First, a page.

Well, it finally happened. This year, I ended up staying in Japan instead of going home. I expected that I’d feel homesick, that maybe I’d even feel like a terrible person for missing out on family time.
I have a confession to make: I felt NONE OF THAT NONSENSE. God, the amount of stress relief was amazing. No getting up at the crack of dawn to travel down to Narita. No crying babies for hours on a fourteen hour flight. No running to catch my stupid connection through a busy airport only to wait two hours for the next one. No traveling all over the country after I get to the U.S.A. because my family lives in separate states. No one bitching at me to come home instead of “living so far away.” Repeat process in reverse to get back to Japan and add in some really awful TSA groping at some point in Chicago O’Hare (aka the pit stain of airports). I love my family and friends, but being able to take a break from the Christmas madness was awesome.
Since I didn’t go home, I was able to go to the end of the year parties (bonenkai) with some friends associated with YES Eikaiwa, an English school that’s just down my street. We ate at a Chinese restaurant, where we sang Christmas songs and did a Santa Swap.
YES Eikaiwa Party!
I ended up winning some bath salts, which are amazing. I don’t know where they’re from, but they make my skin nice and pretty.
And of course, I got to do Christmas lessons. The students this year did songs and activities. The first years (7th grade for you Americans) got to make 3D Christmas cards. Some of them were really pretty!
My base school also had a bonenkai, which involved a buffet of Japanese food, BINGO Santa Swap, and some other games.
The BINGO game was fun. You could choose from a huge pile of presents when you won. I ended up choosing some fancy chocolates. I found that funny considering I gave chocolates as my gift. One of the teachers had this strange random number gadget that he would press for the next number. It kept doing old numbers over and over again, so all the teachers gave him a hard time.
After the first round was over, we all went to the second round of the party (nijikai). We went to a karaoke place to sing and drink, which is par for the course of a nijikai. The party didn’t go onto a third round (sanjikai) because many teachers were also coaches that had games the next day.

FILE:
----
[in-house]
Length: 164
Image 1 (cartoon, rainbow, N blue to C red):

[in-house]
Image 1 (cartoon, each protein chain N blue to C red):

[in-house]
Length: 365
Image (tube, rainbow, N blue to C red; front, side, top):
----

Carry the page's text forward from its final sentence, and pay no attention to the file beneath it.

Usually, people who are deeply liked, respected, and/or higher in rank are invited to the next party. If you’re just a part timer or the youngest of the bunch, it’s not uncommon to not be invited to the second or third rounds. For ALTs, it depends on the school if you get invited to the bonenkai or not. Some do, some don’t. Both of mine do, because they know I will sing Lady Gaga like no one’s business.
For Christmas Day, I went over to my friend Cameron’s house in Toride. She served some delicious chicken, salad, and some wonderful stuffing.
I forgot to take a picture of the food, so here’s Cameron’s pretty tree instead.
We had red velvet cupcakes for dessert.
In between this time, I visited other friends in Japan, getting in touch with them again and having a blast. I remembered my family fondly, recalling all the times I’d gone to my grandmother’s house packed full of my father’s side of the family. All my aunts and uncles catching with up everyone about what’s going on and what everyone’s planning to do. The people in my age range talked among ourselves for the most part, my brother and I swapping stories and inside jokes. However, I didn’t really feel like I was missing out. I knew I’d be there again someday in the future, and I sent them my love from Japan.
New Years Eve I went to Tokyo. My friend Candice and I went to a couple of clubs and danced the night away. I got to see the sunrise on January 1st, 2014 in Roppongi.
A few days later, I went with some friends to the Kashima Shrine (Kashimajingu). I did go there on New Years Day about two years ago and it was a madhouse! This year I ended up going later, but guess what? It was still a madhouse!
GAH! I can’t move!
We purified our hands before going inside and getting our fortunes for the new year (the year of the horse, by the way).
This is where people line up to wash their hands and gargle (NOT DRINK) the water.
Turns out that for at least a week local shrines are packed full of people buying things for the New Year, such as good luck charms and fortunes. People will also burn certain items as offerings to the god(s) of the shrine and might get themselves purified within the shrine in the spring. The spring, by the way, is freezing cold, but it’s supposed to give you long life and good health so people go in for a dip. You can take a drink from a running spring in the back of the shrine, too, which is also for good health and longevity.
I did neither of those things because I would rather not be colder than I already am. Besides, my fortune was the top ranking, you can do anything you want this year congratulations kind of fortune.
Whoo-hoo! I won the luck lottery! Now if I could just win the real one…
These fortunes are fun little things that supposedly tell you what you’re supposed to do this year to get what you want out of life. If you get a bad one, most people tie them to trees or a standing wire board provided by the shrine so you can expel the bad luck.
I took mine and put it in my wallet. Putting good fortunes in your wallet is believed to bring you more money. It’s only good for one year, so once the year is over, you have to take it out, or so I’ve been told.
All in all, I was very pleased with my first Christmas away from home. It was a nice change of pace, and really did make me feel more at ease than trying so hard to get back. I think I will go home next year for sure, though, because Christmas really means a lot to my family.
Happy 2014 everyone! Let’s make it EPIC!